By Christin Ocasio
Wyndham Soapworks is a small family owned and operated cottage business in the Tampa, Florida area. Our cocoabutter soaps are"manufactured" in small batches right in our kitchen by hand stirring, pouring into small slab molds, and individually cutting each bar. Our "distribution center" is the dining room table. Our soaps are in several local shops and are shipped across the globe to several international clients via website orders.
Wyndham Soapworks was created after I decided to stop using cheap corporate soap that made my skin dry and itchy. After being diagnosed with eczema and enduring steroid shots, I wanted to treat my skin better and prevent further discomfort.
A kind person gave me a bar of handcrafted goatmilk soap, and showering became a joy rather than test of endurance and I set out to find out why the storebought soap had caused me such grief for so long.
My hunt for answers brought me to the following conclusion;
Commercially produced soaps are usually made with tallow (beef fat), lard (pork fat), and a lot of inexpensive coconut oil to fill up the bulk of the recipe. Along with that they add dye, fragrance, surfactants, sudsing agents, water softeners, and detergents.
I found that those additives are what irritated my skin. Worse, the manufacturers salt out the naturally occuring glycerin to sell elsewhere. The glycerin is what would have made the soap humectant. To replace the glycerin, they then add mineral oil and then call it a Beauty Bar which coats your skin with a non absorbable grease.
I decided it was time to stop using that garbage on my skin. I'm the type of person that likes to learn how to do interesting things just for the sake of having the knowledge and the skill, so I decided soapmaking would be very interesting indeed.
I purchased just about every book on soapmaking. Many are poorly written and have bad recipes that ended up being tossed down the garbage. Then I found all the soapmaking mailing lists and began to actively participate in discussion with other soapmakers who had more experience under their belts. From there I learned why certain combinations of oils made a soft bar of soap, while other combinations made a hard bar. I learned the alchemy behind the chemical reaction that turned oil into soap. I was completely addicted and once I had some successful batches, set out to create my own from scratch recipe.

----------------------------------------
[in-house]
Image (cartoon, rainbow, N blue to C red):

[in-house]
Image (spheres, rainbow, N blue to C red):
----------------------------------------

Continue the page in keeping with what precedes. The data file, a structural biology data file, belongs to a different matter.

I practiced and experimented until I came up with the perfect recipe to suit my taste and I began giving bars away at family gatherings and at some places where I volunteer. Of course some folks looked at me funny as if I might be trying to communicate something by giving them soap, but others took it in the spirit it was offered and appreciated a handmade gift. Finally, my child's godfather, after using a ton of my soap urged me to start selling it and Wyndham Soapworks was born.
Through all of this I was homeschooling a young child and a SAHM. Occasionally it was challenging to keep the little one from being underfoot while working with slippery oils and butters. I would restrict myself to making batches when she went to bed. When I need to service a wholesale account, I arrange for her to go to a friend's house to play so that I can conduct business in a professional manner. I do, however bring her along when I am delivering orders as it lets people see that I'm a struggling mother too and not some corporate robot.
Marketing my product seems to be as challenging as coming up with the recipe and packaging it in a suitable manner. I give out samples wherever I can along with catalogs, business cards, and coupons. I give discounts for referral sales and ask all my customers to pass along materials to anyone they know who might be interested in my product. I was just recently interviewed by an author and will appear in the newly released book, "Soapmaking For Fun and Profit". Whenever invited, I submit my business story for publication to get the word out that I am here and why someone should use my product rather than Proctor & Gamble, and Colgate.
Promoting is very time consuming and challenging, but it's something that must be done constantly to build up customer loyalty and repeat business.
Christin Ocasio, Proprietress
810-279-4308 Fax to email